In 1973 three women placed an ad on a billboard at a women-artist centred shop/gathering place called The Flaming Apron. This was a call out to women artists who were interested in meeting and discussing the difficulty finding exhibition space for their work. This is how Powerhouse was born. During the first eight months the gallery operated thanks to the hard work of supporters, members, and exhibiting artists. The gallery was two exhibition rooms on the 2nd floor of a four-room apartment at 1210 Greene Avenue. The founding members were: Elizabeth Bertoldi, Leslie Busch, Isobel Dowler-Gow, Margaret Griffin, Clara Gutshe, Billie-Joe Mericle, Stasje Plantenga and Pat Walsh.
The first exhibition was presented from May 20th to June 21st 1973. One year later, on May 24th 1974, the gallery incorporated under the name of Powerhouse Gallery & Studio Galerie et atelier la Centrale Électrique Galerie et atelier la Centrale Électrique Since then, the centre has moved many times, and most recently to a storefront window on the main!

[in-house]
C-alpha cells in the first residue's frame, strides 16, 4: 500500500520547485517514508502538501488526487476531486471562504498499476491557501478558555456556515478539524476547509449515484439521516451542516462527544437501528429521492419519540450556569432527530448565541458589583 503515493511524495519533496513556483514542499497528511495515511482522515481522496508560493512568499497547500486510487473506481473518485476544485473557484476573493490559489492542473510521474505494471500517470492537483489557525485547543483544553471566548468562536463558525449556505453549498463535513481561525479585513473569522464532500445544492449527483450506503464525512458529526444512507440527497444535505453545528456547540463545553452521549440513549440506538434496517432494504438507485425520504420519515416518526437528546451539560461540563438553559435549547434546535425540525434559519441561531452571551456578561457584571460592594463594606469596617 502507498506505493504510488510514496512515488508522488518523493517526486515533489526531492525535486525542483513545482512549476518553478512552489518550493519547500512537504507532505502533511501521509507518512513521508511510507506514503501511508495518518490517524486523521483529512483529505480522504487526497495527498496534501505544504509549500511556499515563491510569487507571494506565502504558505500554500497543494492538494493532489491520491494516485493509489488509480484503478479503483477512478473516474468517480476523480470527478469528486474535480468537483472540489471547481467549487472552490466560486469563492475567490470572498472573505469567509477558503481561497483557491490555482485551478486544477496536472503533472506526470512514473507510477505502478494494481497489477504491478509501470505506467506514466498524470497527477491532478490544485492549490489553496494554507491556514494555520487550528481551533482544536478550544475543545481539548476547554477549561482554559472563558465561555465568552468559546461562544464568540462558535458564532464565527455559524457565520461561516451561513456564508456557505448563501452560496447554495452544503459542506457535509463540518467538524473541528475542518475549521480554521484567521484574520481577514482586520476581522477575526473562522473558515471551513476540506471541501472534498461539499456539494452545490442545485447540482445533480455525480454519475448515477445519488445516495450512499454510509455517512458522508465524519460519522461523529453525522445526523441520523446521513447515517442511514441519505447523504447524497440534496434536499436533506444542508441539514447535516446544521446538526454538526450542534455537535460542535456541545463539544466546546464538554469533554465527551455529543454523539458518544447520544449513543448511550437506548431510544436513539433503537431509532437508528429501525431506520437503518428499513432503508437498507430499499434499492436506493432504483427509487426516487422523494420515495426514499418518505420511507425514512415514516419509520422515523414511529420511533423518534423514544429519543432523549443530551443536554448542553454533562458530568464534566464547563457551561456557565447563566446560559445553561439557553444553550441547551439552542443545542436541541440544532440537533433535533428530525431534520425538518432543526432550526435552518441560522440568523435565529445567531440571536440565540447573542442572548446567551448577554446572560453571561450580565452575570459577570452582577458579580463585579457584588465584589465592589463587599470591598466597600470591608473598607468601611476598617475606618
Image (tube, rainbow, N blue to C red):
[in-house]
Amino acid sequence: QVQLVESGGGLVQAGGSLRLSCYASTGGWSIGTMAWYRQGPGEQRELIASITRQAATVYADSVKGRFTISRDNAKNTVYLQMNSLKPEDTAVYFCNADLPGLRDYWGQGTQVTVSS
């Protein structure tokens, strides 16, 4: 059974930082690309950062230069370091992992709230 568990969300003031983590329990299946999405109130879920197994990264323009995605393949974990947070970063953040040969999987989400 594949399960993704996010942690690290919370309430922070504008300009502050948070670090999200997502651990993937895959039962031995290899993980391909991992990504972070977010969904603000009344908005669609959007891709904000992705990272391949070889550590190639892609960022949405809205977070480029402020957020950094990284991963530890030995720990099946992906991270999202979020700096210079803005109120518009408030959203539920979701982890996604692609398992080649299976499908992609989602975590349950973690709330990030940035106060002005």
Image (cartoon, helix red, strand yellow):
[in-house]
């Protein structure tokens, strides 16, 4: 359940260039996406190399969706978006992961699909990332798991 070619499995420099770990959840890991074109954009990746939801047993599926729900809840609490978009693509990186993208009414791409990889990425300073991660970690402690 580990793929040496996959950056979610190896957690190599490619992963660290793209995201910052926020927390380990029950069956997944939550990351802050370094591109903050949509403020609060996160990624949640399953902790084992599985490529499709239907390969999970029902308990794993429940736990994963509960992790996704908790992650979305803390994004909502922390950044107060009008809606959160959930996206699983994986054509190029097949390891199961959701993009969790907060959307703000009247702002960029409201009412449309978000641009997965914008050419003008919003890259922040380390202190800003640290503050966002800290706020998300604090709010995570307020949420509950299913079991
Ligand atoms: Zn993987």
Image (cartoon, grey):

The Centrale galerie Powerhouse is an artist-run centre dedicated to the dissemination and development of multidisciplinary feminist practices. We are committed to supporting practices and artists that are not very visible in the dominant cultural institutions, and this at various stages of their careers. Our programming dialogues with feminisms and supports intersectionality and social justice.
One of the first artist-run centres in Canada, La Centrale is a non-hierarchical organization. The members play a decisive role in the decision-making processes and in the programming. Dedicated to dissemination and creation, the centre leaves a major place for experimentation.
In close connection with its gallery programming, La Centrale is developing professional exchange networks on a local, national and international scale. Educational actions and mentoring aim to share new knowledge-located in current art and they allow a constant opening towards new audiences.
The centre participates in the development of the history of feminist artistic practices and in the construction of a community of united artists who question the hegemonic values and criteria of art.
La Centrale adapted its mandate at the end of 2016 and also set up a mission to assert a clear position for the coming years. This reformulation allowed us to introduce terms that more accurately reflect our intersectional concerns and our commitments, without changing our primary orientation: the dissemination of artists' practices dialoguing with feminisms. The reformulation does not appear on our letters patent at this time, but the process is underway.